It does not help that he once misspelled he name of cub former star Ryne Sandberg and gave the wrong address for Wrigley Field.
At what point can you tell that the “cub” has graduated to a more mature sexual persona?
The end is here, but for cub detective Henry Palace, there is still one more case to solve—that of his missing sister.
One mother had an alarm go off on her phone saying it was time to take her boy to a cub Scout meeting.
If true, the cub would be named 100 days after the birth, as the Chinese tradition goes.
The cub pranced around the little waif as if he had found a friend from whom he had long been parted.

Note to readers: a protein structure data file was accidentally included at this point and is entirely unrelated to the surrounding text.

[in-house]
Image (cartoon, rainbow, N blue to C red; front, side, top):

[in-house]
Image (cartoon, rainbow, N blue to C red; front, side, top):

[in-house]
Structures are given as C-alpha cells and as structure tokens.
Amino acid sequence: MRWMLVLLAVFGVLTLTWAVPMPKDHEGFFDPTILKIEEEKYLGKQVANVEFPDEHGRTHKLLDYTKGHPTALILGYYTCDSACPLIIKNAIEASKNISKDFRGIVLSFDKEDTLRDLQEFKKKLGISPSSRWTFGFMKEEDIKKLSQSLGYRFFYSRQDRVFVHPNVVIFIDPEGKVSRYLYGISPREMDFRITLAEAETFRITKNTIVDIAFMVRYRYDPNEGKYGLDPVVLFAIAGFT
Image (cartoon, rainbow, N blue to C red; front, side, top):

But there were other forces at work in the cub, the greatest of which was growth.
The men drove the dogs off for a time, but were obliged to shoot the cub at last, as she would not quit the body.
It was a lynx kitten, partly grown, like the cub, but not so large.
Mollocher, the first cub at bat, let a speeder go past because it was a trifle wide.
1520s, cubbe "young fox," of unknown origin; perhaps from Old Irish cuib "whelp," or from Old Norse kobbi "seal." Extended to the young of bears, lions, etc., after 1590s. The native word was whelp. Cub Scout is from 1922.
: a cub reporter/ cub professor
[fr cub, ''the young of certain animals'']
A room or dwelling; pad: Let's go to my cub
[first form 1546+, second 1860s+; origin uncertain; related to Low German of the same meaning; the 1500s form refers to an animal's stall or shed; these senses are preserved more often in black English than in standard English]